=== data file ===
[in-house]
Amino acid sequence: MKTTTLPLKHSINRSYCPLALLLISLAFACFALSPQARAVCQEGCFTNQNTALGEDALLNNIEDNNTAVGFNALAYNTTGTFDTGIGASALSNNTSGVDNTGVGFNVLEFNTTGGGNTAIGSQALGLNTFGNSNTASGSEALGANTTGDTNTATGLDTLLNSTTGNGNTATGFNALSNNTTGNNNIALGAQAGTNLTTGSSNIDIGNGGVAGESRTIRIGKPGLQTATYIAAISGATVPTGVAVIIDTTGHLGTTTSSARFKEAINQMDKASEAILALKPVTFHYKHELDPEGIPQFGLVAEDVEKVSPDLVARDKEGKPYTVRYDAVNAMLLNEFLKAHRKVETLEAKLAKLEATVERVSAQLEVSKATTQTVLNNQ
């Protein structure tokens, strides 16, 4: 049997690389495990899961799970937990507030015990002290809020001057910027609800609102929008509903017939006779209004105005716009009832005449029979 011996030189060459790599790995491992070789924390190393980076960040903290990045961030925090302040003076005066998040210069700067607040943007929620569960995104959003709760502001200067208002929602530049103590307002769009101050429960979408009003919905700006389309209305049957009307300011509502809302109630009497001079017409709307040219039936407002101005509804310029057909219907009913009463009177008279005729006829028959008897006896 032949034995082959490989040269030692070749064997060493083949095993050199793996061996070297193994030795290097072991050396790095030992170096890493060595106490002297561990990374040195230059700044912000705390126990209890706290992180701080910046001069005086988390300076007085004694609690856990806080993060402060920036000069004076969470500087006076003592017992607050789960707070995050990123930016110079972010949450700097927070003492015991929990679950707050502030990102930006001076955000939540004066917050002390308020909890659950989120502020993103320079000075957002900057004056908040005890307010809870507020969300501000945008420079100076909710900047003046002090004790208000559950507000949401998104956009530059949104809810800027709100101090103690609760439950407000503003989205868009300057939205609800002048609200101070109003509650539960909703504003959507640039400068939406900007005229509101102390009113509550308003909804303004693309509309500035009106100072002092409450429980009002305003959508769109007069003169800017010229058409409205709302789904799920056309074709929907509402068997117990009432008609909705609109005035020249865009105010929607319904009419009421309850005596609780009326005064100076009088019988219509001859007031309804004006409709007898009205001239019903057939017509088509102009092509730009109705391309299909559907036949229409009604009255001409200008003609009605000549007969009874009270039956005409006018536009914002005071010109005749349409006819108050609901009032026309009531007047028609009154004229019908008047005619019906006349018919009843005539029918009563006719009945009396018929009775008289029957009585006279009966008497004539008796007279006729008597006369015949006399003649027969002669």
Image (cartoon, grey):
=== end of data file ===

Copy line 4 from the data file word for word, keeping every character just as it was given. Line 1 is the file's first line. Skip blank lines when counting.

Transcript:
Image (cartoon, grey):